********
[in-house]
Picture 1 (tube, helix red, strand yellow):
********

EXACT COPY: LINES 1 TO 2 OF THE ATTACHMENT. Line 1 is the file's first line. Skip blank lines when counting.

[in-house]
Picture 1 (tube, helix red, strand yellow):